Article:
Kindle's Secret Sibling: Amazon's Android Tablet

Kindle's Secret Sibling: Amazon's Android Tablet

Summary: Amazon is building its own App Store, but for what device? We think we have a good idea -- a secret Android Tablet.


Amazon is building its own App Store, but for what device? We think we have a good idea -- a secret Android Tablet.

Yesterday, in my piece about the lack of successful Android-based competitors to the iPod Touch, I touched a little bit upon what companies actually had the potential to launch an actual iPod Touch competitor that might actually resonate with consumers.

One of the ones I mentioned was Amazon, which as we all know is kicking ass and taking names in the ebook and e-reader market.

Amazon has all the value-added services that would be necessary in order to launch a mass-market Android device -- be it a media player like the iPod Touch, a 7-inch slate like the Samsung Galaxy Tab, or even a full-sized 10-inch tablet like the iPad.

It has a music distribution service, Amazon MP3 that competes well with Apple's iTunes, and has a Video-On-Demand service, Amazon Video, which could potentially provide content downloads to compete with iTunes video rentals on the iPad and also with any Apple TV service that might launch on the iPad in the future. And naturally, it also has the entire Kindle Store with over 1 Million ebooks from which to choose from which it already trounces Apple's iBooks with, even when used on their own iOS platform.

Kindle and Amazon MP3 have already been ported to Android, so the only missing app here would be a media player program for downloading and streaming Amazon's DRMed video.

So what's the real missing part of the equation? Well, an App Store, for starters. But we already know that Amazon is building an App Store, as per the "Welcome Packet" that was sent out to seed developers in early October. And while an Amazon App Store could theoretically support any future platform(s) that Amazon decides to build consumer electronics products on, it mentions Android specifically by name in the literature that has leaked.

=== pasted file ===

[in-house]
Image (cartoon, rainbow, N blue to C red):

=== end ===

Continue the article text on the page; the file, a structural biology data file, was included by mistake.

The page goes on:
One of the biggest problems that most, if not virtually all of recently announced Android Tablets and Android Media Players have is lack of Android Market integration. No matter how good the hardware itself is, without an App ecosystem to accompany it, the value of any Android device is largely diminished.

Most of these low-cost 7" tablets that have been announced in the Sub-$400.00 category (such as Creative's Ziio and the Archos 70) are Wi-Fi only devices, and due to restrictions that Google currently places on the device manufacturers, we're not likely to see many of these inexpensive tablets with Android Market support for a while.

The Samsung Galaxy Tab, which is to launch shortly in the US in retail as well as by various wireless carriers will have Android Market support, but the product is much more expensive ($500-$600 for Wi-Fi only and contract-free 3G-capable devices) than the other aforementioned 7" tablets.

As such, some analysts, such as our own Editor-in-Chief Larry Dignan, are predicting that the Samsung is unlikely to resonate with customers as a viable alternative when faced with a compelling product such as the iPad.

The only reason why Amazon would want to develop its own App Store would be to offer the service to low-cost device manufacturers in order to compete with the Android Market, or to provide an app ecosystem for a device of its very own.

Page 2: [The Real Reason Amazon is Building an App Store]  »